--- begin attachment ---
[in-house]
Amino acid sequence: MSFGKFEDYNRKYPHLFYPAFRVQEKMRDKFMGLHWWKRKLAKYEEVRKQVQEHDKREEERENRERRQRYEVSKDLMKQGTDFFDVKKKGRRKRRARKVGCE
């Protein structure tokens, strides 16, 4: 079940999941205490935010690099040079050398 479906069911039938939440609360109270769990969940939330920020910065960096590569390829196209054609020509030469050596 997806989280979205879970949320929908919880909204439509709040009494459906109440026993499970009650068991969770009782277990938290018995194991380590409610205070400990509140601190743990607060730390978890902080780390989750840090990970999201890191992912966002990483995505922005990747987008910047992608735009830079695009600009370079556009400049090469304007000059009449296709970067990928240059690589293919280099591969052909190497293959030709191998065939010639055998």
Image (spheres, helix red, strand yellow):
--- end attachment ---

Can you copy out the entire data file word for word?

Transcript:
[in-house]
Amino acid sequence: MSFGKFEDYNRKYPHLFYPAFRVQEKMRDKFMGLHWWKRKLAKYEEVRKQVQEHDKREEERENRERRQRYEVSKDLMKQGTDFFDVKKKGRRKRRARKVGCE
């Protein structure tokens, strides 16, 4: 079940999941205490935010690099040079050398 479906069911039938939440609360109270769990969940939330920020910065960096590569390829196209054609020509030469050596 997806989280979205879970949320929908919880909204439509709040009494459906109440026993499970009650068991969770009782277990938290018995194991380590409610205070400990509140601190743990607060730390978890902080780390989750840090990970999201890191992912966002990483995505922005990747987008910047992608735009830079695009600009370079556009400049090469304007000059009449296709970067990928240059690589293919280099591969052909190497293959030709191998065939010639055998």
Image (spheres, helix red, strand yellow):